Tuesday, May 02, 2006

Tory Budget Move

Can't say we're fans of the Tory minority government, but at today's session of Parliament their Finance Minister proposed an immediate 50% reduction in the Landing Fee if their budget is approved. That's good news for future immigrants, but one wonders at the other costs this government may impose on Canadian society . . . . . .

Here's the verbatim from the government home page regarding the immigration initiatives proposed:

Helping Immigrants Get Started

Canada has a long tradition of welcoming immigrants. The Government recognizes the importance of ensuring that newcomers have every possible opportunity to realize their dreams for the future.

The Right of Permanent Residence Fee

This budget delivers on the Government's commitment to reduce the Right of Permanent Residence Fee to help immigrants and their families with the costs of starting a new life in Canada. The fee will be reduced from its current level of $975 to $490 effective on May 2, 2006. In addition, the Government will provide partial refunds to those who have already paid the $975 fee but have not been granted permanent resident status or have not yet arrived in Canada. The cost of this initiative in foregone revenue is $224 million over two years.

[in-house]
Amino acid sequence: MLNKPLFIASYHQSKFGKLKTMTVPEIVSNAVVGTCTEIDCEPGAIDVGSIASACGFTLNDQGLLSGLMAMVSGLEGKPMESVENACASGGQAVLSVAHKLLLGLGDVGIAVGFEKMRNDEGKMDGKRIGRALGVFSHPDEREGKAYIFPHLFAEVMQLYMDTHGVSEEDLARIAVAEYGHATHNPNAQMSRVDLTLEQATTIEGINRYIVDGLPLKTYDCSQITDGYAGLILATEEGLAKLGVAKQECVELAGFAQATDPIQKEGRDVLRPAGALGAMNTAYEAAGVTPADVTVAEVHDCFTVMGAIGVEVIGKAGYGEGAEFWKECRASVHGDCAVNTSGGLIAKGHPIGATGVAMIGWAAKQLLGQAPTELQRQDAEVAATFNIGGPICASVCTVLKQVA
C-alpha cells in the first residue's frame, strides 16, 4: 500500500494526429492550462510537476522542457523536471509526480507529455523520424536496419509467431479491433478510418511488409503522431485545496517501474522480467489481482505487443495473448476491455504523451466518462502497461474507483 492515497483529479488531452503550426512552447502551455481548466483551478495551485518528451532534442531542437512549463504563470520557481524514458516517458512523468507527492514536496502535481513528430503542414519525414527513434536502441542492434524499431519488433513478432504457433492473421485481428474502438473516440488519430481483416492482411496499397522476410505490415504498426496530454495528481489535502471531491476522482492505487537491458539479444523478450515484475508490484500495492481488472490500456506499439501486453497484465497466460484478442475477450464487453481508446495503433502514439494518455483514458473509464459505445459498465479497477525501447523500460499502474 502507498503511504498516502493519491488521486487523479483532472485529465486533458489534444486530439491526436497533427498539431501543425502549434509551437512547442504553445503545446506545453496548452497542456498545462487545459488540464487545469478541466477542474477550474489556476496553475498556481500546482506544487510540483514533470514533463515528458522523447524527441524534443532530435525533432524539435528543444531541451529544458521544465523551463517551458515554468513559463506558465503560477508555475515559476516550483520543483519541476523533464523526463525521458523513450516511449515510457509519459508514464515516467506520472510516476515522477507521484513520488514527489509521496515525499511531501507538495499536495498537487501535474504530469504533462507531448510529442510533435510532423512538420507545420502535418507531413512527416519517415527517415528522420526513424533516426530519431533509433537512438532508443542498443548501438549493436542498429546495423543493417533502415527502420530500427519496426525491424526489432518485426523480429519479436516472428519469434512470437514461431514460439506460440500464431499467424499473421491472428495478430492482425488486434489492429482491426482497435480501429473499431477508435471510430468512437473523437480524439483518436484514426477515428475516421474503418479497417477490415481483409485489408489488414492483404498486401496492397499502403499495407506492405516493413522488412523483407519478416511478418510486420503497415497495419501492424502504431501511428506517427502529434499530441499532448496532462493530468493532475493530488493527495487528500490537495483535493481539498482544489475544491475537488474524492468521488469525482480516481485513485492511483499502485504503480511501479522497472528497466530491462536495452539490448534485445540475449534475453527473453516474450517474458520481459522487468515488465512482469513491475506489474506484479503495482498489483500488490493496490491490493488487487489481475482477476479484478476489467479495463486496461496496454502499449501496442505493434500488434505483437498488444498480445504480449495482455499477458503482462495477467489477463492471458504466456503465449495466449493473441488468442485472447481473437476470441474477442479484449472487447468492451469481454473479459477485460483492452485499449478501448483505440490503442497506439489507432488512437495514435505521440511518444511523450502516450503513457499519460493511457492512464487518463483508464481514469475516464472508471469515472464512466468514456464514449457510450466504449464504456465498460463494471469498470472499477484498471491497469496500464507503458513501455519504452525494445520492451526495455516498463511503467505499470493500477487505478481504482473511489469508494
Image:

Settlement and Integration

Newcomers to Canada often face challenges integrating into a new country, community and labour market. Settlement and integration programs that provide services such as language instruction and employment-related support help immigrants overcome the stresses of moving to a new country. In keeping with the Government's commitment to provide additional resources for settlement and integration, this budget provides $307 million over two years, over and above investments provided in recent budgets, to enhance programs and services in all provinces and territories (except Quebec, which receives funding through a separate immigration agreement). This additional investment will allow immigrants to adapt quickly and successfully and have every opportunity to contribute to the economy and society.

Foreign Credential Recognition

Many immigrants to Canada, though well-educated and highly skilled, still face barriers in obtaining recognition of their qualifications, training and experience. In this budget, the Government is moving forward on its commitment to create an agency to ensure foreign-trained immigrants meet Canadian standards, while getting those who are trained and ready to work in their fields of expertise into the workforce more quickly.

Under the leadership of the Minister of Human Resources and Social Development, consultations with the provinces and territories and other stakeholders are underway on the mandate, structure and governance of the agency, and the Government will proceed on the basis of the advice received. To facilitate the consultation process and to take the first steps toward the establishment of a Canadian agency for assessment and recognition of credentials, this budget sets aside $18 million over two years.

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